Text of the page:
Russia – Discover the Unknown

Will Cosmonautics Day inspire you to visit Star City?

The very first manned space flight took place on 12th April 1961. Of course, it would be more than eight years before American astronaut Neil Armstrong would make history and be the first man to walk on the moon. But it was Russian cosmonaut Yuri Gagarin who was the first person ever to circle the earth and view our planet from space. Inside the Vostok 1 spacecraft, it took one hour and forty eight minutes to cement his place in the history books.

Russians have marked Cosmonautics Day from the get go, holding the first commemorative day on 9th April 1962. In 2011, the United Nations General Assembly declared the 12th April the International Day of Human Space Flight and now the date is a special one for anyone interested in space.

The celebrations begin in the city of Korolyov, not far from the capital, at the statue of Yuri Gagarin, who was awarded the title of Hero of the Soviet Union by the then leader Nikita Khrushchev, the country’s highest honour. From there it’s on to Red Square in Moscow where participants visit the cosmonaut’s grave in the Kremlin Wall Necropolis. They continue on to Cosmonauts Alley and the Monument to the Conquerors of Space before finishing up at the Novodevichy Cemetery.

If you’re inspired to travel to Russia to learn more about the space programme, then no itinerary would be complete without a trip to Star City. Located just outside Moscow, you’ll find there the Gagarin Cosmonaut Training Centre. It’s an important centre for research and development as well as training, and makes for a fascinating visit.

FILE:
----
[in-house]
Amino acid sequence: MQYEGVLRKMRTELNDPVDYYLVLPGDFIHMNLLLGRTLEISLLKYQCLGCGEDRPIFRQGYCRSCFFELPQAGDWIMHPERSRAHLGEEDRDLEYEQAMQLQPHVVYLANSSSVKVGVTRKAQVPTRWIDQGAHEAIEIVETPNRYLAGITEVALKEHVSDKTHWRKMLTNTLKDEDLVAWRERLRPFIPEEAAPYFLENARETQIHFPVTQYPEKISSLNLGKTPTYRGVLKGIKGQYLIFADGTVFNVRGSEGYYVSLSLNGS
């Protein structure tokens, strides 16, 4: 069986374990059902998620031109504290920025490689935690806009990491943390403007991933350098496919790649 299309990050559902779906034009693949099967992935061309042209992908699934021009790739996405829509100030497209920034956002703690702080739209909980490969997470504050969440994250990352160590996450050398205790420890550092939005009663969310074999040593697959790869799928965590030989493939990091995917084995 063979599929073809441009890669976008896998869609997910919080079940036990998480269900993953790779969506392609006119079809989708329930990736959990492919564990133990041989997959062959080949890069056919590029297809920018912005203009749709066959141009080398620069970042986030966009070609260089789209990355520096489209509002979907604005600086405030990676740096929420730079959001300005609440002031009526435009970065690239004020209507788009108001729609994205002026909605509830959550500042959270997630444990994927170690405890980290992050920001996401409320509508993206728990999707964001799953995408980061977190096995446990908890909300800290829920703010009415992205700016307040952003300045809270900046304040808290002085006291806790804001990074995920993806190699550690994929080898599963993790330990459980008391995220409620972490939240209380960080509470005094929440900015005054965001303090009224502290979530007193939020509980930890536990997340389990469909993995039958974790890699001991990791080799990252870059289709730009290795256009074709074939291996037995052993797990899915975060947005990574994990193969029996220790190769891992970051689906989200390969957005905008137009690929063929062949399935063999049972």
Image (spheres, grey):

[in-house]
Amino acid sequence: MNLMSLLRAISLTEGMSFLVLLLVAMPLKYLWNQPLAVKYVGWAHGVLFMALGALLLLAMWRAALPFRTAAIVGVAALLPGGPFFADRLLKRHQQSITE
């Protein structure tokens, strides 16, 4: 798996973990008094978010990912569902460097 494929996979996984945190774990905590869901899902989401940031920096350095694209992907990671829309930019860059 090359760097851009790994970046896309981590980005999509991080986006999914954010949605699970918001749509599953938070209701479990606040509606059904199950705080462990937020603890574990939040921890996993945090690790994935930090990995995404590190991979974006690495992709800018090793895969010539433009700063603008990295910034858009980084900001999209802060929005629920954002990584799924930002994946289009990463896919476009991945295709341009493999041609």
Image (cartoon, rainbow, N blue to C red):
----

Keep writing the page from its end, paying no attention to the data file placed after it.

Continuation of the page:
Perhaps the most popular of the activities at the centre is the chance to take a Zero Gravity flight. Conditions of weightlessness on board the specially designed IL-76 MDK flying laboratory are as close to real space flight conditions as you can get. It’s achieved by the plane flying in a parabolic pattern known as a Kepler curve. The plane ascends to an altitude of about 20000 feet and then curves downward. Passengers feel weightless at the upper part of the pattern for a little under 30 seconds. That sensation is repeated up to fifteen times during the one and a half hour flight, making this the ultimate rollercoaster ride in the sky.

Also at Star City you’ll find simulators of the Soyuz spacecraft, Russian Segment ISS and the Mir space station. Imagine what fun you can have taking selfies to show your friends. There’s also a rotating centrifuge and a neutral buoyancy laboratory, both used to help accustom cosmonauts to the conditions they’ll experience in space. These are sometimes closed for maintenance so call ahead to ensure they’ll be open during your visit.

It really is an out of this world experience and one we’d be delighted to arrange for you during your holiday.


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